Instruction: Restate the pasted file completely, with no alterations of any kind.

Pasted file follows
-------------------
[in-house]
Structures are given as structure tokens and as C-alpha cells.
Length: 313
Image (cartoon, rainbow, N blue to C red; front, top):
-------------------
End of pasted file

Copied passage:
[in-house]
Structures are given as structure tokens and as C-alpha cells.
Length: 313
Image (cartoon, rainbow, N blue to C red; front, top):